Singapore’s economy rebounds as forecasted
Singapore’s economy rebounded by 20.7% on an annualised quarter-on-quarter basis, as reported yesterday. Technically, this marks the end of the recession, since a downturn is defined as a continuous period of negative growth lasting for two quarters or more. But as pointed out earlier, much of this boost was provided by pharmaceutical output and electronics inventory restocking, except this time it’s accompanied by spikes in construction and financial services, the latter likely fueled by buoyant stock and credit markets in the second quarter:
Manufacturing output increased by 49.5 per cent, compared to the previous quarter’s contraction of 18.5 per cent. This was largely due to a surge in the production of active pharmaceutical ingredients in the biomedical manufacturing cluster and an increase in inventory restocking in the electronics sector. Momentum in the construction sector also picked up strongly after a moderation in the first quarter. The sector grew by 32.7 per cent compared to the first quarter, driven by the growth in both public and private construction activities.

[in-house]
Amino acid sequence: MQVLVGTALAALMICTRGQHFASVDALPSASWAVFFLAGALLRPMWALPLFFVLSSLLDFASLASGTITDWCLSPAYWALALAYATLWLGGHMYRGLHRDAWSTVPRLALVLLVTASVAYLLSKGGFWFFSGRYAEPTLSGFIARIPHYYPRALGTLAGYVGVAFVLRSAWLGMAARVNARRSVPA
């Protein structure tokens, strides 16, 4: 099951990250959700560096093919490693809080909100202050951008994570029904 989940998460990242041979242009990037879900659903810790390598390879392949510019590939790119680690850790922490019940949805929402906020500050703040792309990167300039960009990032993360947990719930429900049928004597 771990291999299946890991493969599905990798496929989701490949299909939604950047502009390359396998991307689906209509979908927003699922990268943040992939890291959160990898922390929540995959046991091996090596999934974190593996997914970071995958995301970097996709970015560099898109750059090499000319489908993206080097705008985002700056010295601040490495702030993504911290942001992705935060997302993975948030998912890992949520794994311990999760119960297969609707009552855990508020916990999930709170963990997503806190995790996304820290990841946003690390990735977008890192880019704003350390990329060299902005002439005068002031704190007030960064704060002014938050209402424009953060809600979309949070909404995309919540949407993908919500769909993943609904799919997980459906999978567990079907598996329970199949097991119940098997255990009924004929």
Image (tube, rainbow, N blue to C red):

Financial services also improved in the second quarter, growing by 22.8 per cent compared to the first quarter. This performance provided a lift to the services producing industries as a whole, which grew by 8.7 per cent compared to the 9.8 per cent decline in the previous quarter.
Despite this, the economic news doesn’t appear to have cheered analysts:
The markets gave a muted response to the latest data as many traders and analysts said that the numbers were mostly expected.
“I don’t think the revision in the second-quarter numbers has fundamentally changed anything in terms of the economic outlook for Singapore,” Selena Ling, economist with OCBC said.
This table details the quarter-on-quarter annualised growth rates:
As highlighted above, Singapore owes much of its Q2 boost to manufacturing output, construction and financial services.